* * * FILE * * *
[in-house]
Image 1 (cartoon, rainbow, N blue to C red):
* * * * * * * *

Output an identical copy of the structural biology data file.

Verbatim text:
[in-house]
Image 1 (cartoon, rainbow, N blue to C red):